Maybe you've been playing around with Photoshop's smudge brushes already, but this was new to me until just recently. Photoshop has hundreds of brush offerings, most available free if you have one of Adobe's subscriptions and many are already loaded into your version of Photoshop.
The smudge brush does just what the name implies -- it smudges your photograph. With these brushes you can turn a photograph into a painting, get rid of annoying distractions or add some bokeh to the background. Here's a rough demonstration of what I did with a photo of a blue-footed booby.
The background on this photo is distracting and I hate that stick coming out of the bird's wing (wish I had thought of this before I entered it in the April salon). I added a layer and started painting.
My favorite smudge brush is Kyle's Impressionist Blender 1, part of the Wet Media Brushes folder in the brush drop-down list. I usually set the brush strength mode under 10%, sometimes as low as 1%, but experiment and have fun with it. Smudge as much or as little as you like and try a variety of brushes. The smudge brushes all have an icon of a hand with a finger sticking out of it.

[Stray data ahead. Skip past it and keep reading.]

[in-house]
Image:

As you smudge, you may experience what is called brush lag -- the smudging is unable to keep up with your brush strokes. So take it slow and be patient. Or you can Google the problem and there are suggestions on line on how to change the preferences to make the program more responsive.
You can see I smudged over the main subject as well as the background on this photo. Details are easily brought back with the use of a layer mask. Once I have smudged the photo to my liking, I experiment with the opacity slider until I like what I see. Then I add a layer mask to pull up elements I liked and got rid of a few I didn't.
Here's the finished project. A little bit of bokeh in the background but the bird's bill is still sharp and that annoying stick is blurred out. I could have spent more time masking the blue feet, but you get the idea.